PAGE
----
News Release Information

17-250-PHI
Wednesday, February 15, 2017

Contacts

Technical information:
Media contact:

Consumer Price Index, Washington-Baltimore – January 2017

Area prices up 0.2 percent since November and 1.7 percent over the year

The Consumer Price Index for All Urban Consumers (CPI-U) for Washington-Baltimore edged up 0.2 percent over the last two months, the U.S. Bureau of Labor Statistics reported today. Regional Commissioner Sheila Watkins noted the increase was led by a 3.2-percent rise in the energy index. The all items less food and energy index was unchanged over the last two months, while the food index inched up 0.1 percent. (Data in this report are not seasonally adjusted. Accordingly, month-to-month changes may reflect the impact of seasonal influences.)

Over the last 12 months, the CPI-U increased 1.7 percent, due almost entirely to a 1.0-percent increase in the all items less food and energy index and a 12.3-percent increase in the energy index. (See chart 1 and table A.) Since January 2016, the food index increased 1.0 percent. (See table 1.)

Food

After increasing 0.4 percent from September to November, the food index increased 0.1 percent over the last two months. Prices for food at home increased 0.3 percent, while those for food away home inched down 0.1 percent. Higher prices for carbonated drinks and breakfast cereal contributed to the two-month increase in the food at home index.

Food prices increased 1.0 percent over the year due to higher prices for food away from home (3.0 percent). Conversely, prices for food at home declined 0.6 percent since last January.

Energy

Since November, the energy index, which includes prices for household and transportation fuels, increased 3.2 percent, mostly due to higher prices for gasoline (7.3 percent). Prices for utility (piped) gas service decreased over the last two months, down 0.7 percent, while those for electricity were unchanged.

Energy prices rose 12.3 percent over the year. The increase was led by a 23.5-percent jump in gasoline prices, the largest over-the-year increase in this index since October 2011. Prices also increased over the year for utility (piped) gas service (15.9 percent) and electricity (1.6 percent).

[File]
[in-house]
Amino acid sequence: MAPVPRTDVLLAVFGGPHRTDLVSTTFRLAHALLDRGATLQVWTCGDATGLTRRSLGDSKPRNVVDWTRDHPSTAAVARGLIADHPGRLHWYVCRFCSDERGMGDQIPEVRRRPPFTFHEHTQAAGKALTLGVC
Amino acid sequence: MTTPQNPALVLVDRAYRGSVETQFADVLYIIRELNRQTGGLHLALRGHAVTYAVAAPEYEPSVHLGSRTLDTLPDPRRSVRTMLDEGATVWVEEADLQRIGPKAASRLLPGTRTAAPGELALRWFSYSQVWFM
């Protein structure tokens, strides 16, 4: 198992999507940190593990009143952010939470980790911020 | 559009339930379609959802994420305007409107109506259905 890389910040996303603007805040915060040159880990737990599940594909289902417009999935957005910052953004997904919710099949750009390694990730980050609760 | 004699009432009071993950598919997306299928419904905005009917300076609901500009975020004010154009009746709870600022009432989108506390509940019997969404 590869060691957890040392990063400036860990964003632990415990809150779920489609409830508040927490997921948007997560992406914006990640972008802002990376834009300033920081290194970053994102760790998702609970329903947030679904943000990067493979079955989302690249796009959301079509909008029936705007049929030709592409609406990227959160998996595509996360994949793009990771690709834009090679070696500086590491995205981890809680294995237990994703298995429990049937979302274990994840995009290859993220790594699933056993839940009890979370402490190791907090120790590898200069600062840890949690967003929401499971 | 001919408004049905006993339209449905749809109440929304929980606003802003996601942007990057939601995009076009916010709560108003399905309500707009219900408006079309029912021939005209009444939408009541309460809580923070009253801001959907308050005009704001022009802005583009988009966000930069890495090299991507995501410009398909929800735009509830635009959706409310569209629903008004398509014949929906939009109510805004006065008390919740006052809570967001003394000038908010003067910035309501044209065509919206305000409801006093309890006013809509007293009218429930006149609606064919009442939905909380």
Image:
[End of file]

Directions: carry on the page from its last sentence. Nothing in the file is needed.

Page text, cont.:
All items less food and energy

The index for all items less food and energy was unchanged since November. Higher prices for medical care (1.3 percent) and education and communication (0.5 percent), among others, were offset by declines in prices for apparel (-4.1 percent) and recreation (-1.7 percent).

Since January 2016, the index for all items less food and energy rose 1.0 percent. The increase was due largely to an over-the-year rise in shelter prices (1.3 percent). Higher prices for medical care (2.9 percent), among others, also contributed to the rise. Prices declined over the year for recreation (-2.3 percent) and education and communication (-0.9 percent).

Table A. Washington, D.C. CPI-U 2-month and 12-month percent changes, all items index, not seasonally adjusted
Month 2013 2014 2015 2016 2017
2-month 12-month 2-month 12-month 2-month 12-month 2-month 12-month 2-month 12-month

January

0.1 1.8 0.4 1.9 -1.0 -0.2 -0.2 1.4 0.2 1.7

March

0.9 1.4 0.6 1.6 1.0 0.2 0.6 1.0    

May

-0.2 1.2 0.4 2.2 0.6 0.4 0.8 1.2    

July

0.5 1.9 0.0 1.7 -0.2 0.2 -0.1 1.4    

September

0.6 1.2 0.2 1.3 0.5 0.5 -0.1 0.8    

November

-0.2 1.7 -0.4 1.2 -0.3 0.6 0.1 1.2    

The Consumer Price Index for March 2017 is scheduled to be released on Friday, April 14, 2017, at 8:30 a.m. (EDT).


Technical Note

The Consumer Price Index for Washington-Baltimore is published bi-monthly. The Consumer Price Index (CPI) is a measure of the average change in prices over time in a fixed market basket of goods and services. The Bureau of Labor Statistics publishes CPIs for two population groups: (1) a CPI for All Urban Consumers (CPI-U) which covers approximately 89 percent of the total population and (2) a CPI for Urban Wage Earners and Clerical Workers (CPI-W) which covers approximately 28 percent of the total population. The CPI-U includes, in addition to wage earners and clerical workers, groups such as professional, managerial, and technical workers, the self-employed, short-term workers, the unemployed, and retirees and others not in the labor force.